It is starting to make sense to see Trump as Messiah. Clearly, I’ve had a change of thought about him and his impact.
With a bit of horrified fascination, I have been watching the doubling down of support to return Donald J Trump, the voice and influence behind an armed insurrection against the US, to the Presidency. Even with nearly countless charges against him in Federal and State courts, his followers have not and will not back down.
One group that especially has stayed with him: the good men and women whose religious beliefs tend toward what is generally held as “evangelical,” i.e., those whose bedrock beliefs include the inerrancy of the Bible and the necessity of acknowledging belief in Jesus of Nazareth as the Messiah, the Sent One of God, both fully human and fully divine, to find admittance to heaven and escape eternal Divine wrath.
Now, I’ve gone on record as not exactly being a DJT supporter. In fact, his whole candidacy and eventual election to the Presidency troubled me on many levels. I remember all too well his speech at the 2016 RNC, where he declared himself, and himself only, as the one would could “fix” the problems in the US. In other words, the Messianic tones showed up early and scared the life out of me then. . . and that fear has not left me about him and his ambitions.
What if Trump as Messiah is an accurate portrayal?
But, recently, I admit it is starting to make sense to see Trump as Messiah. Clearly, I’ve had a change of thought about him and what his political ascendency has meant not just to the US but to the larger world.
First, let me mention some parallels between him and the one more widely seen as the Messiah, i.e., the very aforementioned Jesus of Nazareth.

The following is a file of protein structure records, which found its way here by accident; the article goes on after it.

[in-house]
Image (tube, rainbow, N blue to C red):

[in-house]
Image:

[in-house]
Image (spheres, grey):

- One, both gathered large and devoted followers. Jesus often had to head to the mountains to get a break from them; Trump headed to various golf courses or his private palatial estate.
- Two, both also attracted large numbers of rabid detractors. Jesus’ detractors mostly came from right-wing political and religious figures; Trump’s detractors mostly come from left-wing political and religious figures.
- Three, both challenged local authorities and popularly accepted societal norms. For example, Jesus ate with sinners and elevated women; Trump frolicked with prostitutes, sexually abused and denigrated other women.
- Four, both appealed to the common people, speaking their language and acknowledging their complicated realities.
- Five, both had a unique ability to create memorable phrases that stuck in people’s minds. Jesus: “Turn the other cheek,” Trump, “Lock her up.”
Now, we can also see differences between the two personas. :
- One, Jesus amassed no material wealth at all–at his death, his only possessions were his clothes. Donald has amassed enormous riches and a superb fund-raising machine so efficient that it will likely pay all his enormous legal bills without him having to touch one penny of his hoarded wealth.
- Two, Jesus encouraged the poor, the dispossessed, the most vulnerable of his society to come close to him. In other words, the less they had to give, the more he welcomed them. Donald likes to hang out with the rich, especially the powerful, who can offer him all sorts of favors.
- Three, Jesus refused to let his followers take up any means to defend him and went to his trials unprotected. Donald promises he’ll go after anyone who goes after him and goes to his court appearance (when he does show up) surrounded by layers and layers of protection.